Apple stock and the rest of the technology sector stalled on Monday as investors angled more toward sectors that are likely to benefit from the expected tax reform bills. The S&P 500 reached another record high despite the weak performance of Apple stock, which says a lot because sometimes the iPhone maker’s heavy weight alone is enough to hold the index back.
In search of catalysts for Apple stock
Still, today’s headlines about the iPhone X adoption rate are probably enough to keep its stock from tumbling as far as most high-flying technology stocks, which are down by more than 1% in many cases. Analysts have been advising analysts to buy the dip in these high-flying tech names, however.
Chart technician Todd Gordon told CNBC last week that Apple stock entered an area of “corrective support” in an uptrend parallel channel. That means the shares are neither oversold nor overbought. Gordon pegged the top limit of that channel at around $185 to $190, and he expects Apple stock to hit that this month. That would mean upside of around 10% by the end of the year.
Carlson Capital's Double Black Diamond fund added 1.47% net of fees in May, taking its year-to-date performance to 5.2%, according to a copy of the fund's letter, which ValueWalk has been able to review. Q1 2021 hedge fund letters, conferences and more Founded in 1993 by Clint Carlson, Carlson Capital has struggled to retain assets Read More
Into early 2018, he looks for Apple stock to be moving into the $190 to $200 range, carrying the company to a market capitalization of $1 trillion.
Limited catalysts for Apple stock
A few analysts have been serving as the voice of reason regarding the iPhone X adoption rate, warning that the model is still extremely scarce. KeyBanc analyst John Vinh warned in a note toward the end of last week that demand for the iPhone X was still questionable because the supply is still so constrained, although it is improving. He said his carrier store surveys in North America and Western Europe indicated that most stores were still sold out of the iPhone X.
Many stores said they haven’t received any more since the launch, and he described replenishment as “spotty and limited.” He said that on average, stores that have been receiving additional stock are only getting about five to 10 phones per shipment, and they usually sell out after they are received.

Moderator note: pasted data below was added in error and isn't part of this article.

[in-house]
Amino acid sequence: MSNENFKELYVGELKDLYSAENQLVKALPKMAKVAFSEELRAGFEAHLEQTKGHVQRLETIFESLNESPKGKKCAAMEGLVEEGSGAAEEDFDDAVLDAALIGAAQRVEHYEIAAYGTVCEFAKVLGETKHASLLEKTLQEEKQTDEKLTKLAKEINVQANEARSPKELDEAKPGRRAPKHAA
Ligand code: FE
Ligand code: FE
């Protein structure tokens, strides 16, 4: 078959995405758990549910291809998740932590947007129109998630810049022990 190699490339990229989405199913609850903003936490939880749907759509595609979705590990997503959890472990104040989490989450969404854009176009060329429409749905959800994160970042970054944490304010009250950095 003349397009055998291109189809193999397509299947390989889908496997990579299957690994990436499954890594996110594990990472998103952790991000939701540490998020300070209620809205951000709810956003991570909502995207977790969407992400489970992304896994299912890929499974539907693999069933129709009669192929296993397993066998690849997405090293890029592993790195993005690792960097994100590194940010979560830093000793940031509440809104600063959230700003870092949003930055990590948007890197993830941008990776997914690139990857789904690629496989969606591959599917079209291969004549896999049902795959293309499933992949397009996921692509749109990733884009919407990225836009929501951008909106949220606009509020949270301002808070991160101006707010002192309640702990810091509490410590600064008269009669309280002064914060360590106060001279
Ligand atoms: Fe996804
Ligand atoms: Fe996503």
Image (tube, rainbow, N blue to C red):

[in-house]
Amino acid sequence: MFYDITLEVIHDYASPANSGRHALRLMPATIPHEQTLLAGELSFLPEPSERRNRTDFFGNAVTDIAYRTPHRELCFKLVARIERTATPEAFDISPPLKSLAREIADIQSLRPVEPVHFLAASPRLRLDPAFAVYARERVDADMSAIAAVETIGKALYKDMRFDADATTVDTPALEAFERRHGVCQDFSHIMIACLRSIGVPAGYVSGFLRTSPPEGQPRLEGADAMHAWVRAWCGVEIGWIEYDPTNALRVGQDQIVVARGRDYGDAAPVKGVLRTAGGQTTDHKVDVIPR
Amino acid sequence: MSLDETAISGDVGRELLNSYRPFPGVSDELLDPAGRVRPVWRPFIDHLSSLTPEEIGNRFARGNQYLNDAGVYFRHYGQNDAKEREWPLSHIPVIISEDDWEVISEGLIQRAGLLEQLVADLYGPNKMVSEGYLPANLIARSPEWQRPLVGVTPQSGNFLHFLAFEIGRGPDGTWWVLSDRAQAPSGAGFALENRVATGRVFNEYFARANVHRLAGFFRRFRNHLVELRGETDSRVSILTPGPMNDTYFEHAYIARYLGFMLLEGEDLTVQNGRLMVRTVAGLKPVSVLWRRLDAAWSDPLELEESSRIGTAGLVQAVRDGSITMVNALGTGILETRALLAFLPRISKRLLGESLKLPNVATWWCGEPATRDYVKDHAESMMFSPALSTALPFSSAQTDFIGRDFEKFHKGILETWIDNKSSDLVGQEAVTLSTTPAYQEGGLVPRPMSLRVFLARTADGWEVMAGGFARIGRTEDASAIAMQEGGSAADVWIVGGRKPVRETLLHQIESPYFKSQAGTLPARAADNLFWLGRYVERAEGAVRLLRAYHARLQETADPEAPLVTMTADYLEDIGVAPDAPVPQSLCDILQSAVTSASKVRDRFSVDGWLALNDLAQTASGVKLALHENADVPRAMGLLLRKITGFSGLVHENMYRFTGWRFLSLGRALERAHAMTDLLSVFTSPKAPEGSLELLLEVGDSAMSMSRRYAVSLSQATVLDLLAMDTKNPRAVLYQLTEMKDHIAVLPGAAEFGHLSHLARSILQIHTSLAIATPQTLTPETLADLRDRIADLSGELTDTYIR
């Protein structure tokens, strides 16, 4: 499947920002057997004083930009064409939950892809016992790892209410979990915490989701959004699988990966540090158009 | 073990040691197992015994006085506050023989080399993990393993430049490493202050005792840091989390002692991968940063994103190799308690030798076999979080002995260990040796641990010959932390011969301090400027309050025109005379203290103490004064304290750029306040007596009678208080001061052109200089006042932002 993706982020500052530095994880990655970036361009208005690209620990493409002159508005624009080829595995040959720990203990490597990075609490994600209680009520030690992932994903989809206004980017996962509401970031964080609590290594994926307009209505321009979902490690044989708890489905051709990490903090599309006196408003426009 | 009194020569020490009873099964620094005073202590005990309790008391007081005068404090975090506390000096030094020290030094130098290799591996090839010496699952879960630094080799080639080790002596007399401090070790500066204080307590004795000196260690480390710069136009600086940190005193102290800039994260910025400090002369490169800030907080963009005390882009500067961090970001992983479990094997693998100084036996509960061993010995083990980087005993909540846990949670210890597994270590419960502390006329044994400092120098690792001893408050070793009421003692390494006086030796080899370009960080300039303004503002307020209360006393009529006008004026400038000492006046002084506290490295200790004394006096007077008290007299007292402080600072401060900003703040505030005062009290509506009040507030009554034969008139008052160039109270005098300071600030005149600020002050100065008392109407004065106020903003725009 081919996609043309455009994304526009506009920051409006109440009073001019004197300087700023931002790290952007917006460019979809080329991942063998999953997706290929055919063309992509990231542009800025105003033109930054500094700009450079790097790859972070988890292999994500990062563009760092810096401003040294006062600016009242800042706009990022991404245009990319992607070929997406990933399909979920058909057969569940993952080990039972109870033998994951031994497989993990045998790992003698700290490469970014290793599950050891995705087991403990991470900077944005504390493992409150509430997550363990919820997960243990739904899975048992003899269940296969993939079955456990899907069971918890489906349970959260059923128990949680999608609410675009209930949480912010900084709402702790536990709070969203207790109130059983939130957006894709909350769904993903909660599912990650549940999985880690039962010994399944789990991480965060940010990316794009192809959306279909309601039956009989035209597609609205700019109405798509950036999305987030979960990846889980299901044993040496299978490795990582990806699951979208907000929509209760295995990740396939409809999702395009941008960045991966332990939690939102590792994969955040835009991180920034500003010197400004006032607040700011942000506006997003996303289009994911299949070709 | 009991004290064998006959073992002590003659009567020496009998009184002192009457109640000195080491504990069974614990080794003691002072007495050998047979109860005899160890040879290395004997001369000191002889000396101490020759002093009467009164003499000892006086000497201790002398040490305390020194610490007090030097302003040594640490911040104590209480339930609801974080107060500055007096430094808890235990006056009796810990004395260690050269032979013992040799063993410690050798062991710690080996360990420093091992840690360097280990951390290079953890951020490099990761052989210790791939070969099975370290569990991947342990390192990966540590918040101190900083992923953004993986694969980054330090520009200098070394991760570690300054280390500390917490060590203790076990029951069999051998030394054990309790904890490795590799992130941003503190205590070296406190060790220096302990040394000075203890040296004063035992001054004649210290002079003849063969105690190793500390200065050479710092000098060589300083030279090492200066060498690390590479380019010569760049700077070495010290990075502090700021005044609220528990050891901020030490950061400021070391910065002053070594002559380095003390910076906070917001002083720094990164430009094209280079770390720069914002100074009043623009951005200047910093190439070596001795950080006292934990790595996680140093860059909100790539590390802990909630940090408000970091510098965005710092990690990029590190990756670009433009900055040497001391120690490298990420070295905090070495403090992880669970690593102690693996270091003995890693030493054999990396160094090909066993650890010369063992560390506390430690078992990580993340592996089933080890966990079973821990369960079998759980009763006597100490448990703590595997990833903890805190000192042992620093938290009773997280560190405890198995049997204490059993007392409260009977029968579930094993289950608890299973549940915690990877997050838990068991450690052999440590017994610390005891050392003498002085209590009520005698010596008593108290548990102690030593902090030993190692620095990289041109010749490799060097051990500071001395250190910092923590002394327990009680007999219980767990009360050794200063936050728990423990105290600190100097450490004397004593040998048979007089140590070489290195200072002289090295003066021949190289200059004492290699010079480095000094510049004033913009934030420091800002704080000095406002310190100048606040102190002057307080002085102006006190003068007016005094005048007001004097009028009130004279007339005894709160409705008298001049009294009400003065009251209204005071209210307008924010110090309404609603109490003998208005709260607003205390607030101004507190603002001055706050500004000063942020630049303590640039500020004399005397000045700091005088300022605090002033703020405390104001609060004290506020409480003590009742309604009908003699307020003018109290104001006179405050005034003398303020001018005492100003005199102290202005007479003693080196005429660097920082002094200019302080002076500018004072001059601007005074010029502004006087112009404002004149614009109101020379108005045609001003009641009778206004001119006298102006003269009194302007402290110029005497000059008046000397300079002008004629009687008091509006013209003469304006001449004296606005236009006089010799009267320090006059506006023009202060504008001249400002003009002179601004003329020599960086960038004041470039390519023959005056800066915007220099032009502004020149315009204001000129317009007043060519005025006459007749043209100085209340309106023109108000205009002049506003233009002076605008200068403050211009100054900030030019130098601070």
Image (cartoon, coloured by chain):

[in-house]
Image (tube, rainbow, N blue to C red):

iPhone X adoption rate similar to those of previous models
Despite the supply woes around the iPhone X, it sounds like the phone might not be doing as badly as one would think. IHS Markit reports that in eight countries, the iPhone X is now more than 2% of the active iPhone installed base. Unsurprisingly, the markets in which the phone is doing well are high-wealth countries. The firm also reports that the iPhone X is doing well in markets where “Plus” iPhone models are popular.
IHS Markit describes the initial iPhone X adoption rate as “very similar to adoption of previous iPhone flagship launches in the same launch period.” In the U.S., the iPhone X adoption rate matched that of the iPhone 8 Plus three weeks after launch and was ahead of the iPhone 8 and 7 Plus adoption rates three weeks after their launches.
Record number of iPhone units expected
The firm expects Apple to sell a record number of iPhones in fiscal 2018 with year-over-year increases in shipment volumes in every quarter. It forecasts sales of 88.8 million iPhones for the December quarter, which would be a new record if Apple achieves it. IHS estimates that Apple only needs to ship 31 million iPhone X units to raise the average selling price of the iPhone above $700 for the first time, which is music to investors’ and analysts’ ears.
What IHS reports regarding iPhone X adoption is interesting in light of how few units carrier stores seem to be receiving. It’s possible that Apple is selling most of those units via its own stores since delivery times are now down to days instead of weeks.
Apple stock ticked higher by as much as 0.37% to $171.71 in intraday trading on Friday.